6 Dec. – Charles Vidor’s “Hans Christian Anderson” (1952), scheduled for 10 a.m., offers the playful, pliable Danny Kaye in the title role, a fabulous Frank Loesser score (which matches "My Fair Lady" in terms of breakout hits) and the exquisite ballerina Zizi Jeanmaire, pictured below with Kaye.
11 Dec. – Turner has sscheduled atypical holiday-oriented titles that could be lumped under the title, Oddball Christmas. Primary among them is Frank Tashlin’s delightfully antic “Susan Slept Here” (1954), starring Dick Powell and Debbie Reynolds, that airs at 2 a.m. and repeats 13 Dec. at 2 p.m. and 25 Dec. at 6 p.m.
Less festive but no less enjoyable is this Edmund O’Brien trio: Ida Lupino’s “The Bigamist” (1953), airing at 3:45 p.m., followed by Rudolph Mate’s “D.O.A.” (1950) at 5:15 p.m. and Lupino's “The Hitch-Hiker” (1953) at 6:45 p.m.
On stage, James Goldman's "The Lion in Winter" was actually a comedy in period costumes; on screen, it was strictly a prestige pic and Oscar bait12 Dec. – With Katharine Hepburn and Peter O'Toole starring, Anthony Harvey’s “The Lion in Winter” (1968), based on James Goldman's play, was an Oscar-entitled entertainment. On stage, however, with Rosemary Harris and Robert Preston in the leads, is was something less pretentious - a marital comedy with heavy costumes. It airs at 5:30 p.m.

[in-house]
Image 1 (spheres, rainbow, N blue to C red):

13 Dec. – Dalton Trumbo’s “Johnny Got His Gun” (1971), an anti-war film at its most naked, shows at 10 p.m. Timothy Bottoms, hot off of "The Last Picture Show," stars.
15 Dec. – Cluadio Guzman’s affecting indie, “The Runaway” (1961), teaming a game Cesar Romero with a kid and a dog, gets an infrequent TV showing at 3:15 p.m.
The playbill for the stage version of Tennessee Williams' "Period of Adjustment," starring James Daly, Barbara Baxley, Robert Webber and Rosemary Murphy in the roles played on film by Anthony Francisa, Jane Fonda, Jim Hutton and Lois Nettleton.18 Dec. – Oddall Christmas continues with a screening of George Roy Hill’s first feature, “Period of Adjustment” (1962), based on the Tennessee Williams play that Hill also helmed on stage. See it at 1:30 a.m. and again on repeat 24 Dec. at 6 p.m. It's something of an unhearalded treat.